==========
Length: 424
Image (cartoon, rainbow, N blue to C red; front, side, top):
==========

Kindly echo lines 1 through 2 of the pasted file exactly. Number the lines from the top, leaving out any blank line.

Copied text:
Length: 424
Image (cartoon, rainbow, N blue to C red; front, side, top):